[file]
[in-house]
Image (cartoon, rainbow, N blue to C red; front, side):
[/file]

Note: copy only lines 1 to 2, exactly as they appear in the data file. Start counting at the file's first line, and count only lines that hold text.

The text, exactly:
[in-house]
Image (cartoon, rainbow, N blue to C red; front, side):